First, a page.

LUCERNE, Switzerland (Reuters) - The euro zone debt crisis can only be solved by member states getting their budgets under control, not by relying on the European Central Bank’s extra liquidity measures or bigger bailout packages, ECB policymaker Juergen Stark said on Tuesday.
“The crisis of state finances can only be solved with far-reaching measures to consolidate government budgets,” Stark, who will step down from the bank’s six-strong Executive Board at the end of the year, said in a text of a speech prepared for a conference in Lucerne, Switzerland.
“Permanently continuing the measures of the ECB cannot solve the crisis,” he said.
“For this, the trust of banks amongst themselves must be rebuilt, which can only be achieved by restructuring and recapitalizing the banking system.”
Stark also dismissed any speculation about the break-up of the euro. “Does the debt crisis endanger the stability or even the existence of the euro?” he asked rhetorically. “This I answer with a clear no,” he said.
Stark said Greece had lost a year in reforming state finances by focusing its efforts on securing private sector participation in its debt restructuring.
“Greece concentrated its capacities on figuring out how to make such a private sector participation work, how would a debt cut work, with what consequences,” he told the conference.
“And nothing was done any more to consolidate the budget and to undertake structural reforms. And that’s why we are in this very desperate situation.”
The ECB has so far resisted growing political pressure to step up its support for debt-strained euro zone states like Italy or Spain and new ECB President Mario Draghi underlined in his first news conference last week that the ECB would not become the lender of last resort for governments.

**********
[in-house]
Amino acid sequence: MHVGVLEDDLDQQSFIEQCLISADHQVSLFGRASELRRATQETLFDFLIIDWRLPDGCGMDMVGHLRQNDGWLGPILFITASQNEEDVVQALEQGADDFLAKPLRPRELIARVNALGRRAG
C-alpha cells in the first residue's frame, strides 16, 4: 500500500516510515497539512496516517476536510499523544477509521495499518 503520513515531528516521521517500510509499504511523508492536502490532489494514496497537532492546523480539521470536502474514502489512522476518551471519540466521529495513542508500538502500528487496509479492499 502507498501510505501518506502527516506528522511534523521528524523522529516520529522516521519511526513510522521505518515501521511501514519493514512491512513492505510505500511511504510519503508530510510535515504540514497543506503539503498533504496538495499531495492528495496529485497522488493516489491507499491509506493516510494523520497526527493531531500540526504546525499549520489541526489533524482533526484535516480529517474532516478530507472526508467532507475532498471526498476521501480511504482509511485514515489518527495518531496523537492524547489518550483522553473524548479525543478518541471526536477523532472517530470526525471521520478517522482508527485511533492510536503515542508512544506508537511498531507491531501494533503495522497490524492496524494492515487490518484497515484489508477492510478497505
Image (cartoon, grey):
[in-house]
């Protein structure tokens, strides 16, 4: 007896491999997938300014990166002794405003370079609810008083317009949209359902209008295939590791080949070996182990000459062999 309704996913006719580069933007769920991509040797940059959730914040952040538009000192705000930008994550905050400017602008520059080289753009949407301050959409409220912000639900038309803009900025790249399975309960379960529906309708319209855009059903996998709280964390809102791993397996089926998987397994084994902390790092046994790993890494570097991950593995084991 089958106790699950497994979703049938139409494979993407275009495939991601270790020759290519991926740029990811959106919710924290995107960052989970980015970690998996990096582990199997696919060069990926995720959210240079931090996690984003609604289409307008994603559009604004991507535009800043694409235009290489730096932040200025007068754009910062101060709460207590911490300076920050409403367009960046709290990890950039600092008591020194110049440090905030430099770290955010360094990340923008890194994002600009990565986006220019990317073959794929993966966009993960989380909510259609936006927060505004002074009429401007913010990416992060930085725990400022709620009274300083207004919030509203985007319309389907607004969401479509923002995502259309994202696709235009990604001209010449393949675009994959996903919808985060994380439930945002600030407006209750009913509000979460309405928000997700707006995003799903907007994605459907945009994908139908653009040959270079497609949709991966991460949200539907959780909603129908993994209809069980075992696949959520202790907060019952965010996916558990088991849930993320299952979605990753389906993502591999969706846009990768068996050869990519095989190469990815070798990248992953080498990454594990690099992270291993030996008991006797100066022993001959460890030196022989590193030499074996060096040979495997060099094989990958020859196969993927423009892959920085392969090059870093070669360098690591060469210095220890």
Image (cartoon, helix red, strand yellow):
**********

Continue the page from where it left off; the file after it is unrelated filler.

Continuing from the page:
“The ECB may not finance states. Whoever assumes that the ECB could be pressured into this -- I don’t think so,” Stark said during a panel discussion at the conference on Tuesday. “I don’t think the ECB will ever cede to such pressure.”
Many analysts see ramping up ECB buying of euro zone government bonds, and the firepower it could unleash, as the only way to steady markets unnerved by the deepening debt crisis, which is now focusing on Italy’s massive debt.
Stark however has fiercely opposed the bond buying program and sources have said that was the reason for his decision to quit the ECB early this year.
On Tuesday he said expanding the European rescue fund would weaken incentives for governments to implement the necessary reforms, and only governments could end the crisis.
“The responsibility for solving the financial crisis lies with the European governments,” Stark said, adding that the ECB cannot take over this responsibility.
He also said inflation expectations in the common currency area were well-anchored and in line with the ECB’s target of just below 2 percent.
Reporting by Catherine Bosley and Emma Thomasson; editing by Anna Willard and Susan Fenton